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    I am following the link to Compiler explorer that the author has provided [1] But I am not seeing any calls to string::_M_create What am I doing wrong? (the compiler that’s auto selected in the explorer is: x86-64 gcc 10.2 with -O1 compile option)

    [1] https://godbolt.org/z/xr1bno

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      Try replacing “moo” with “this string is longer than sso”.

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        thank you. That helped. Now I am seeing the _M_Create in both scenarios. But there is still a discrepancy (or I am misunderstanding something in the article).

        According to the article, I am supposed to see 1 create in scenario 1 (where std::move) is used, and then 2 _M_Creates in the 2nd scenario.

        However, in the 2nd scenario, I am seeing still just 1 _M_Create call , but there is also a call _M_assign.

        The data transfer instruction (movabs) is present in the M_Create call, but not in _M_assign call. So it seems that the _M_assign call is not creating a copy.

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      That temporary is used to construct the parameter value s in the set_s. The argument to the constructor of this s is a temporary – so it’s of type string &&.

      Is it true that all temporaries constructed by the compiler are available as r-value references (or are they just r-values)? Is there a part of the standard in C++11 that guarantees this?

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        Yes, temporaries are rvalues by definition, since they don’t have a “name” — they’re not held by or pointed to by a variable. That means a temporary can safely be destroyed (moved out of) as part of the expression, since there’s no way to observe its value afterwards.

        (I am not a licensed C++ guru. But I use rvalues a lot.)

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          as r-value references (or are they just r-values)?

          If you have an rvalue, you have an rvalue reference (or at least, you can get one for free). I’m not great with the terminology but I think of the temporary itself as being the rvalue. An rvalue reference can bind to such a temporary. For example, int &&r = 5 + 6; compiles just fine (and does pretty much what you’d expect; as a bonus, the lifetime of the temporary is extended to the scope of the reference, so you don’t immediately get a dangling reference).

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            For example, int &&r = 5 + 6; compiles just fine (and does pretty much what you’d expect;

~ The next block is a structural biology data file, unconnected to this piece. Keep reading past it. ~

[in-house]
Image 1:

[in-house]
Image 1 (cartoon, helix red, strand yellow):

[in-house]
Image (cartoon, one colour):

That’s a really weird line of code. R-value references are usually for function arguments, where temporaries are natural. Honestly, I had no expectations whatsoever what would happen.

            However, it seems to only work for local variables. In this code b is an l-value reference:

            #include <stdio.h>
            
            struct a {
                int&& b;
            
                a(int&& c) : b(c) {}
            };
            
            int main() {
                a a(5+6);
                printf("%d\n", a.b);
            }
            

            And so it doesn’t compile (assigning an r-value to an l-value reference).

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              I had no expectations whatsoever what would happen.

              I meant that it assigns r a reference to a temporary object (which is created via the expression 5 + 6), just as it reads.

              However, it seems to only work for local variables. In this code b is an l-value reference:

              No, b is declared as an rvalue reference: int&& b; - just as c.

              However, referring to c (or to b for that matter) still gives an lvalue (otherwise any use would perform a move). You need to explicitly std::move a value to get an rvalue reference:

              #include <algorithm>   // for std::move
              ...
                  a(int&& c) : b(std::move(c)) {}
              

              The same would be true if c was a local variable; there is nothing special about local variables in this regard.

              The difference between something declared an rvalue reference (&&) vs an lvalue reference (&) is what they can bind to. An rvalue reference can bind to an rvalue, an lvalue reference can’t. Each binds only to the corresponding type of value.